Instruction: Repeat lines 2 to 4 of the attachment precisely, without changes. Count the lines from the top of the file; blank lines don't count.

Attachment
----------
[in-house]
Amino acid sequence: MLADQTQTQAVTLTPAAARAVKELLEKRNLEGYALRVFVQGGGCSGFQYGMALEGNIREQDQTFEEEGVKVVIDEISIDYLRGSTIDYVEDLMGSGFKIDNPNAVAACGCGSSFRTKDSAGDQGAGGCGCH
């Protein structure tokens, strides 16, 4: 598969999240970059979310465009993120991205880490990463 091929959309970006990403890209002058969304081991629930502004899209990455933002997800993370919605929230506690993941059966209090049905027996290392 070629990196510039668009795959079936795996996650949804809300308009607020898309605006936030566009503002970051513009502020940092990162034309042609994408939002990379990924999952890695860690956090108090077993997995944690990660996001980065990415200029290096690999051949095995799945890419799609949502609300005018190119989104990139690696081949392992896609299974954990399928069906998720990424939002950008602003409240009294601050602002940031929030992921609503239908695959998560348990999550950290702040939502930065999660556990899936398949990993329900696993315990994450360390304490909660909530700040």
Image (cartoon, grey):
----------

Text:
Amino acid sequence: MLADQTQTQAVTLTPAAARAVKELLEKRNLEGYALRVFVQGGGCSGFQYGMALEGNIREQDQTFEEEGVKVVIDEISIDYLRGSTIDYVEDLMGSGFKIDNPNAVAACGCGSSFRTKDSAGDQGAGGCGCH
């Protein structure tokens, strides 16, 4: 598969999240970059979310465009993120991205880490990463 091929959309970006990403890209002058969304081991629930502004899209990455933002997800993370919605929230506690993941059966209090049905027996290392 070629990196510039668009795959079936795996996650949804809300308009607020898309605006936030566009503002970051513009502020940092990162034309042609994408939002990379990924999952890695860690956090108090077993997995944690990660996001980065990415200029290096690999051949095995799945890419799609949502609300005018190119989104990139690696081949392992896609299974954990399928069906998720990424939002950008602003409240009294601050602002940031929030992921609503239908695959998560348990999550950290702040939502930065999660556990899936398949990993329900696993315990994450360390304490909660909530700040």
Image (cartoon, grey):